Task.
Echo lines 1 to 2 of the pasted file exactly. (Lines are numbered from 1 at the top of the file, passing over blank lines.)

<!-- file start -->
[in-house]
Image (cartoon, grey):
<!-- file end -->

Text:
[in-house]
Image (cartoon, grey):